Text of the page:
In March, China highlighted space as a "frontier technology" it would focus on and research into the "origin and evolution of the universe."
But there are other implications too.
"It is important for China and the US because it can advance technological development" in areas such as "national security and some socioeconomic development," according to Sa'id Mosteshar, director of the London Institute of Space Policy and Law, and research fellow Christoph Beischl.
While experts doubt it could spiral into war in space, extra-terrestrial activities can support military operations on Earth.
Space achievements are also about the optics.
Through space exploration to the Moon or to Mars, "China and the U.S. display their technological sophistication to the domestic audience and the world, increasing their domestic and international prestige, domestic legitimacy and international influence," Mosteshar and Beischl said.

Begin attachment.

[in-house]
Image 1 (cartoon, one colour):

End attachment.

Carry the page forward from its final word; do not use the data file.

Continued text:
China's space ambitions
China's space program kicked off in the late 1950s but it was only recently that the world's second-largest economy was able to tout major successes.
In June last year, China completed its own global satellite navigation system called Beidou, a rival to the U.S. government-owned Global Positioning System (GPS). Experts said it will help China's military systems stay online in the event of a conflict.
In December, a Chinese spacecraft returned to Earth carrying rock samples from the moon, a first for the country.
Beijing has now turned its sight on Mars. China hopes to send its first crewed mission to the Red Planet in 2033 after landing a spacecraft there in May.